The flowfield around a 60% scale rotating Formula 1 tire in contact with the ground in a closed wind tunnel at a Reynolds number of 500,000 was examined computationally and experimentally. The goal of this study was to assess the accuracy of unsteady Reynolds-averaged Navier–Stokes (URANS) equations and confirm the existence of large scale vortical and flow recirculating features. A replica deformable F1 tire model that includes four tire treads and all brake components was used to determine the sensitivity of the wake to cross flow within the tire hub as well as the flow blockage caused by the brake assembly. Several turbulence closures were employed and the one that matched closest to the experimental PIV data was the Reynolds stress model. The variability between the six turbulence closures is shown by comparing velocity profiles, pressure distributions, and vortex eccentricity. The sensitivity of the wake to four different hub geometries, contact patch boundary conditions, multiple reference frame (MRF) rotor and spoke treatment, and time step size are also discussed.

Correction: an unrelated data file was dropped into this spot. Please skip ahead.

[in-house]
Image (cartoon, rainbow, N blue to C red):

An Aerodynamic Investigation of an Isolated Rotating Formula 1 Wheel Assembly
Contributed by the Fluids Engineering Division of ASME for publication in the JOURNAL OF FLUIDS ENGINEERING. Manuscript received January 3, 2012; final manuscript received October 8, 2012; published online November 20, 2012. Assoc. Editor: Sharath S. Girimaji.
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Axerio-Cilies, J., and Iaccarino, G. (November 20, 2012). "An Aerodynamic Investigation of an Isolated Rotating Formula 1 Wheel Assembly." ASME. J. Fluids Eng. December 2012; 134(12): 121101. https://doi.org/10.1115/1.4007890
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